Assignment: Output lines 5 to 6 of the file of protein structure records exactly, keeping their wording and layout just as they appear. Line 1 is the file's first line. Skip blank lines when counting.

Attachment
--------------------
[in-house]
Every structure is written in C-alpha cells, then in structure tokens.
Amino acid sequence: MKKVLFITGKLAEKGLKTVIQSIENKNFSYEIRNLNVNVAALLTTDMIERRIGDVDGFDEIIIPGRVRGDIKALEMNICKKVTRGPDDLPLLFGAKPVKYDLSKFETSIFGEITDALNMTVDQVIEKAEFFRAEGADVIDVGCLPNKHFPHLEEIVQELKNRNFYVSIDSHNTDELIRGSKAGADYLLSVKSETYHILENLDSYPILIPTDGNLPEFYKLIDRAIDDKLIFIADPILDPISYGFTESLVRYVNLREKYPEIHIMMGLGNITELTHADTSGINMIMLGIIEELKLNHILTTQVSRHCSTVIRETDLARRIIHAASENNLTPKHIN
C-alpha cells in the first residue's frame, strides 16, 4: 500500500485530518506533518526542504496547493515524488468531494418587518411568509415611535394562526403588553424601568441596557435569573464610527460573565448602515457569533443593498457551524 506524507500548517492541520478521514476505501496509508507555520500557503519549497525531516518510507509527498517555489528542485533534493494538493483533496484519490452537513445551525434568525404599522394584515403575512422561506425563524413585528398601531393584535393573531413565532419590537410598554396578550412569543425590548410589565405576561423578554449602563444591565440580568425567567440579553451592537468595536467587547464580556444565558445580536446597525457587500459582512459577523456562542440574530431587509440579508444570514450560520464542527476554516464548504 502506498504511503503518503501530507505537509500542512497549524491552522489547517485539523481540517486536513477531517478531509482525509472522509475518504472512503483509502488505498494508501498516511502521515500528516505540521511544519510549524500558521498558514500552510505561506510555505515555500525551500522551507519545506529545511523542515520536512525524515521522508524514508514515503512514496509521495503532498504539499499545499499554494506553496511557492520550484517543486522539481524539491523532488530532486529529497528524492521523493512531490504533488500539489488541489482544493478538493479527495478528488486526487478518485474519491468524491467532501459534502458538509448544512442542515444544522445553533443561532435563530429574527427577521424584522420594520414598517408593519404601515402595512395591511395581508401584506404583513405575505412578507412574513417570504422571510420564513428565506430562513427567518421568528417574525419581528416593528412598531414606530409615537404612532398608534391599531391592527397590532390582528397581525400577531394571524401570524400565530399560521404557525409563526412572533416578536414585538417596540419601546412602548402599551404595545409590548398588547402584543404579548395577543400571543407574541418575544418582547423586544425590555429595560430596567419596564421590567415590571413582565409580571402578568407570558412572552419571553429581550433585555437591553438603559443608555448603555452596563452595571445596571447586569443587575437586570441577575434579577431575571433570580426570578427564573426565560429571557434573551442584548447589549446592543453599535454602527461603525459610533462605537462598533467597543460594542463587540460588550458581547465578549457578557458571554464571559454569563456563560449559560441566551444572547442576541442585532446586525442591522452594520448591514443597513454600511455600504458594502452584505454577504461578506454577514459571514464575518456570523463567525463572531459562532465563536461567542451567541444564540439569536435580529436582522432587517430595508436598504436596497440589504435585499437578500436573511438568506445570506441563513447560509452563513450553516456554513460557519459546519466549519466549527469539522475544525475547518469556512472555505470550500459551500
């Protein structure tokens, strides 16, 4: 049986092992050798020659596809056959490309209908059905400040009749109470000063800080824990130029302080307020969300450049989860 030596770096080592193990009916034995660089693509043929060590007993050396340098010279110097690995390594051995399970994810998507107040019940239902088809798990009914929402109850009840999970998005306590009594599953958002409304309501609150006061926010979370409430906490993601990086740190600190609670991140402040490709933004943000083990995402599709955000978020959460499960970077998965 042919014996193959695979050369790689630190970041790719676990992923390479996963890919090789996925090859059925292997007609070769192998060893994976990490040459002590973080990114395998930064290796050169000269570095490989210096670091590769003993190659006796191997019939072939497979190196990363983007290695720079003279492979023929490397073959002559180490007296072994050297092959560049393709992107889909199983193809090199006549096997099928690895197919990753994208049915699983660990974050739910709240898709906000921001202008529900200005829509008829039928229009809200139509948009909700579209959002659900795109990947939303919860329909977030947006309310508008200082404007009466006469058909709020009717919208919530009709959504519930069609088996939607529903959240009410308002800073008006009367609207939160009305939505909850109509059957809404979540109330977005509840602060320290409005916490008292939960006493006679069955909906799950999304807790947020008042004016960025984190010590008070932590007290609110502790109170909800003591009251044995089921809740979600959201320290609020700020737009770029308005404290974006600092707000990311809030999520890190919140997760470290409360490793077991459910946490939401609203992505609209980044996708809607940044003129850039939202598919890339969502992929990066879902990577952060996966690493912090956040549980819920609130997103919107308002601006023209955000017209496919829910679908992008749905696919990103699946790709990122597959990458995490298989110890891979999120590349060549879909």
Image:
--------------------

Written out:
């Protein structure tokens, strides 16, 4: 049986092992050798020659596809056959490309209908059905400040009749109470000063800080824990130029302080307020969300450049989860 030596770096080592193990009916034995660089693509043929060590007993050396340098010279110097690995390594051995399970994810998507107040019940239902088809798990009914929402109850009840999970998005306590009594599953958002409304309501609150006061926010979370409430906490993601990086740190600190609670991140402040490709933004943000083990995402599709955000978020959460499960970077998965 042919014996193959695979050369790689630190970041790719676990992923390479996963890919090789996925090859059925292997007609070769192998060893994976990490040459002590973080990114395998930064290796050169000269570095490989210096670091590769003993190659006796191997019939072939497979190196990363983007290695720079003279492979023929490397073959002559180490007296072994050297092959560049393709992107889909199983193809090199006549096997099928690895197919990753994208049915699983660990974050739910709240898709906000921001202008529900200005829509008829039928229009809200139509948009909700579209959002659900795109990947939303919860329909977030947006309310508008200082404007009466006469058909709020009717919208919530009709959504519930069609088996939607529903959240009410308002800073008006009367609207939160009305939505909850109509059957809404979540109330977005509840602060320290409005916490008292939960006493006679069955909906799950999304807790947020008042004016960025984190010590008070932590007290609110502790109170909800003591009251044995089921809740979600959201320290609020700020737009770029308005404290974006600092707000990311809030999520890190919140997760470290409360490793077991459910946490939401609203992505609209980044996708809607940044003129850039939202598919890339969502992929990066879902990577952060996966690493912090956040549980819920609130997103919107308002601006023209955000017209496919829910679908992008749905696919990103699946790709990122597959990458995490298989110890891979999120590349060549879909």
Image: